In this blog I would like to include the link to a new YouTube video, made using a photo I took on the Camino. This was an incredible, heart-stirring moment which occurred early one morning as I was walking to Santo Domingo de la Calzada with my friend Marie. Link is http://www.youtube.com/watch?v=TJQPf75FT-M
The video can also be accessed via the link on the home page of the website www.goodnightandgodbless.com
Hope you like it!
Keep on walking!
July 3, 2010
I was up early as is the habit now, to get a few jobs done. First stop was the post office to send some of the contents of my backpack home so I don’t raise the ire of the Santiago based Ryan Air ground hostesses. Here I ran into Sinead who was doing the same thing - sending her hiking boots home by sea - I don’t think she ever wants to see them again!!!. We were given the same type of boxes to pack the goods in but different documentation to fill out - have no idea if we will ever sight our stuff again!
Then I rushed off to the cathedral for the pilgrim’s Mass. Sinead warned me to get there early if I wanted a good seat so I arrived for the 12pm Mass at 10.45. There was seating on both sides of the altar as well as in front of it. I managed to find an aisle seat in the 6th row from the front.
High on the ornate, gilded altar stood a bejeweled statue of St James and those sitting in the church could clearly see people climbing the steps at the rear of the altar and standing behind the statue to ‘embrace’ St James. The tomb of the saint lies in a crypt underneath the altar.
The service commenced on time and the huge cathedral was so packed that there didn’t even look to be any standing room left. Mass was a spectacular religious celebration and a performance worthy of the Sydney Opera House. The service is held every day during a Holy Year which is whenever St James’s Day falls on a Sunday.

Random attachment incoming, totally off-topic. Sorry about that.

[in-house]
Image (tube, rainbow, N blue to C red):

. I counted more than 30 priests, at least 4 bishops, altar-boys and a young nun with the voice of an angel leading the singing. The countries represented by those who walked into the city in the previous 24hrs were read out. There was so much theatre, pomp and ceremony that I am sure every person present would have paid an entrance fee if requested!
I recognized one of the bishops on the altar as a man I had walked with on the Camino and found out later that he was the Bishop of Mexico City - I wish I could remember what I spoke to him about!.
While Mass was being celebrated more priests entered the cathedral and sat on pews in front of the altar. They each held a sign indicating the languages they spoke and then heard Confessions with the congregation looking on and with surprising little privacy. All thirty + priests were involved in distributing Communion which took almost half an hour. The highlight of the ceremony followed.
Secured to a thick rope attached to the lofty arched roof of the cathedral and hanging some 10 metres above the altar was a large, silver, urn shaped ‘botafumeiro’ or incense burner. The heavy burner is moved by 10 men operating a rope and pulley system and all clad in the style of a monk. The burner was carefully lowered to the front of the altar and lit with great ceremony. The ten men then got to work on the pulley and the botafumeiro swung higher and higher, back and forth under the arches like a giant pendulum, out and above the heads of the congregation, most of whom were watching in awe. After some minutes the botafumeiro was gradually slowed and returned to its ‘resting’ position. In a procession of red and white and with the smell of incense drifting through the cathedral, the priests, bishops and other clergy ceremoniously filed down the aisle and out of the cathedral. I think I could safely say that everyone inside was disappointed when the service came to an end - I certainly was.
After Mass I joined a long queue to ‘embrace’ St James and visited his tomb in the crypt. Then it was off to explore Santiago, an ancient old city of monasteries, churches and religious monuments and numerous souvenir shops selling all sorts of goods and souvenirs invoking the Camino.
travel guide, Good Night and God Bless, Camino, Camino de Santiago,